Tuesday, June 10, 2008

Studying the numbers, not the hype

By Chris McClure
Executive Director, North Carolina Republican Party

It is appropriate that the first post on our new “Seeing Red Again” blog would address the ongoing controversy on whether or not North Carolina is in play for the fall. With leaders like John McCain, Elizabeth Dole, and Pat McCrory at the top of our ticket, I believe we will see North Carolina remain a red state this November. Republicans also have an opportunity to take more seats on the Council of State and in the General Assembly. We have the strongest ticket from top to bottom as we have had in a very long time. However, we shouldn’t just stop with hype but we should actually study the numbers.

According to the North Carolina State Board of Elections, in November 2004, there were 2,582,462 Democrats in North Carolina. There were 1,903,119 Republicans at that time and 1,021,648 Independent voters. As of today, there are 2,634,388 Democrats in North Carolina, 1,933,148 Republicans and 1,245,477 Independents. That means there are 51,926 more Democrats now than there were in 2004. There are 30,029 more Republicans and 223,829 more Independents.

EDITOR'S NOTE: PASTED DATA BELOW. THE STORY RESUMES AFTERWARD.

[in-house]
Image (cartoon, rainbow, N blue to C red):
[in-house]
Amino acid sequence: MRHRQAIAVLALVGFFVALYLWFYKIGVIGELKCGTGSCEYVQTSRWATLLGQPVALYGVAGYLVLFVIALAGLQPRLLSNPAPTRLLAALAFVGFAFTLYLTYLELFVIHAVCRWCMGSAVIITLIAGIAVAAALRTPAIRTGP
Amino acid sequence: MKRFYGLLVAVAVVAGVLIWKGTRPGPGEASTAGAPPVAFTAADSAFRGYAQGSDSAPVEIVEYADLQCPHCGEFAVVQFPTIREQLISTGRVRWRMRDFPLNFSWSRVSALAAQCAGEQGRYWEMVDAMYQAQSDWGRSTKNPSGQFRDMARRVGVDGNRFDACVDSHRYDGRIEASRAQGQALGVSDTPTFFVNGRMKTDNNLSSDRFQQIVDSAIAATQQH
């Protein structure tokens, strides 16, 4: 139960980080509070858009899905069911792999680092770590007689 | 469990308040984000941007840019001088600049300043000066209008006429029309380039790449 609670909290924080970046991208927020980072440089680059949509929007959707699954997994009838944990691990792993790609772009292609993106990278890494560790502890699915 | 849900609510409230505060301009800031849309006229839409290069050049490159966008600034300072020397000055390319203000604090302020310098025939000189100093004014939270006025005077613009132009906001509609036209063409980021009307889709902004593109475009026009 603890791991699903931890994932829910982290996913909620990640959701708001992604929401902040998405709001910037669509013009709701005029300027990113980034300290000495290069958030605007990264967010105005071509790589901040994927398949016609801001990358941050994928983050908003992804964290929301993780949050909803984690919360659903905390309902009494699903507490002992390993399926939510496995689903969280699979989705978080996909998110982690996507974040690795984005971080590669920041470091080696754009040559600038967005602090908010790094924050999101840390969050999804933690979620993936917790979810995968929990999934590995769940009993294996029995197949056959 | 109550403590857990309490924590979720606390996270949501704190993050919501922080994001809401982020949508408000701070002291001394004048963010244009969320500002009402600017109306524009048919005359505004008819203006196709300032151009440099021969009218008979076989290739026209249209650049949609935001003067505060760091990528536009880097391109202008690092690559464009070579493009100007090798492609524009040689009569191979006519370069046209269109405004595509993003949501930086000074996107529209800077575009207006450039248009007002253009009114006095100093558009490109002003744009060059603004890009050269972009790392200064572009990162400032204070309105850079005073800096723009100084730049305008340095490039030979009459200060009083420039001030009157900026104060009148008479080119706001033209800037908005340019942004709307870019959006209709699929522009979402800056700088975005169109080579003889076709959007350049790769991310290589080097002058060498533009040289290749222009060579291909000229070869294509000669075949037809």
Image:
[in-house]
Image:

In the 2004 election, President Bush received 1,961,166 votes statewide in North Carolina. John Kerry received 1,525,849 votes. In this year’s Democrat Presidential Preference Primary, there were 1,580,726 Democrats and/or Independents who cast a ballot. 887,391 of those votes went to Barack Obama.

For Barack Obama to win North Carolina in November, he would need to not only carry those who voted for him in the primary. He would need to win all of those Democrats who voted for someone else in the primary. Even adding to John Kerry’s total in 2004 the 51,926 new Democrat registrants, Obama would not be close to President Bush’s 2004 total. He would not reach President Bush’s total even if every single Independent who has registered since 2004 voted for Obama as well. Even with all of those inflated numbers, Obama would still be 100,000 votes short of President Bush’s total.

Some may make the claim that a portion of Bush Republicans will not vote for John McCain. Personally, I find that unlikely. At any rate, there are just as many if not more Clinton Democrats who have already indicated that they will refuse to vote for Obama in November. Under the only calculus that makes any difference, actual voting statistics, there is not evidence that Barack Obama can win North Carolina. Any way you calculate the numbers, they just aren’t there for Obama winning North Carolina. Believe the numbers, not the hype. We will carry this state. We will see red again this November.